Ten days of national mourning for the victims of the coronavirus began on Wednesday in Spain, the longest official mourning period in the country’s modern history.
The government and the royal family led a nationwide minute of silence at noon, and flags were lowered to half-staff on all public buildings. Prime Minister Pedro Sánchez said the moment was a time for the country to show its collective sorrow and to honor the tens of thousands who died from the virus.
The major cities of Madrid and Barcelona on Monday caught up with the rest of the country in easing lockdown measures that had been gradually rolled out for weeks, and Mr. Sánchez said he had waited to start the official mourning period until the whole country had entered the first phase of returning to public life.
The extended lockdown has exacerbated political tensions over the government’s handling of the epidemic. The military police opened an investigation into the government’s decision to allow some 120,000 people to gather in Madrid for International Women’s Day on March 8, just a week before Spain declared a state of emergency.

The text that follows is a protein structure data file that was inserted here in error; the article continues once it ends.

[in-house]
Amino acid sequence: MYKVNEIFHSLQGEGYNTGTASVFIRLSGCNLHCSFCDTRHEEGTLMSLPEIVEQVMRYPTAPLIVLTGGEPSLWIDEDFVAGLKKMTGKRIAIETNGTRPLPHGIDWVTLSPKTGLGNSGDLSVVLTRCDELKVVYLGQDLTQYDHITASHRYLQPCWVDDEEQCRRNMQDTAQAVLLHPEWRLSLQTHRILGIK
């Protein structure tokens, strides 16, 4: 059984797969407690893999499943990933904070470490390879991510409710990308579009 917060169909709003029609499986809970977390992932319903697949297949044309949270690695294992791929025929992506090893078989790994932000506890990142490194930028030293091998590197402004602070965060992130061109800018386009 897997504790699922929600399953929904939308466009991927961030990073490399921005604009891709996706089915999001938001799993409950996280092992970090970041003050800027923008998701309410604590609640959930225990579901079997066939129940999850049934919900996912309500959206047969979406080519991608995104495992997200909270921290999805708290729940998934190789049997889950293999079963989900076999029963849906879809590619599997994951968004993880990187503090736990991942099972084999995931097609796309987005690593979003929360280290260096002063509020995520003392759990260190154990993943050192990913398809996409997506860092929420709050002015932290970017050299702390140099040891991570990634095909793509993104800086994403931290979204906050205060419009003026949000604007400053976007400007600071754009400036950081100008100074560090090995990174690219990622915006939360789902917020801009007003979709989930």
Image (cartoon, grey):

On Monday, Fernando Grande-Marlaska, Spain’s interior minister, fired the head of the military police in Madrid for not informing the government about the investigation. To protest the government’s decision, another senior police official resigned on Tuesday. Speaking in Congress on Wednesday, the leader of the main opposition party called for Mr. Grande-Marlaska to resign for mistreating Spain’s police.
The Spanish Health Ministry has also begun addressing discrepancies in the counting of the dead, and it recently reduced the total by almost 2,000. As of Wednesday morning, the official death toll was 27,117.
New York Times
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